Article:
Thursday, October 21, 2010

Surviving Widowhood with Help from Friends

Are you stressed? Silly question. Aren't we all?

If you're grieving a loss--spouse, parent, child--your stress level may be especially high.

But here's the good news. One of the best ways to lower stress is to connect with friends.

A recent UCLA study found that under stress, women release a higher level of oxytocin, a hormone that helps counter stress. In fact, it buffers the fight-or-flight response to stress and encourages women to "tend and befriend," which causes further hormone release and has an overall calming effect.

A study at Harvard Medical School found that people who have friends live longer. Women who have a close friend are more likely to survive the loss of a spouse without suffering physical impairment or loss of vitality.

In short, friends help us live longer and better.

I know this to be true. When Ralph was ill, friends met me for lunch, bought my groceries, dropped off food, listened to me cry. In these past five years they've brought me comfort and strength and eased my way along my journey through the widowsphere.

So, my dear friends, I can't thank you enough for what you've brought into my life. With some of you, I've sat around a dining room table and we've shared our deepest feelings about death and dying. Some of you have laughed with me, listened to my stories about Ralph. Others of you, like me, are reading junkies and we've spent evernings sharing our opinions on everything from bizarre short stories to literary classics. With some of you, I've indulged in old-fashioned cattiness sessions (I'm not naming names here, but you know who you are). Each of you has guided me, cared for me, cried with me. Because of you, my life has become whole again.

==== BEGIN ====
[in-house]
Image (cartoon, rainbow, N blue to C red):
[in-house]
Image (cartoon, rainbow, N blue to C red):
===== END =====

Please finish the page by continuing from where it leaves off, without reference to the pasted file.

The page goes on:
If you're grieving, I challenge you to reach out to a friend this week. New friend, old friend--doesn't matter. Have a cup of coffee together, take a walk, watch the sun rise or set. Face-to-face is best but even if you reach out across phone lines or into cyberspace, that's a start. Then come back and share your story here.


S. Etole said... [Reply to comment]

Your visit was most appreciated ... I'll be back again. May your day hold a special joy.

Linda Steinberg said... [Reply to comment]

I absolutely agree. Most of my close friends were 'girlfriends', that is, though they are married, we were not 'couple' friends. Which helped me a lot because our relationship didn't change when my husband died. Two friends came out to visit and said, "what would you like us to do? Go out to dinner? Sit and talk?" Since my daughter's wedding was coming up soon (a month after her father's sudden death) I asked them to help me address wedding invitations. And they did. I'm not sure we even talked about my loss that night. But they were there. And that's what was important.


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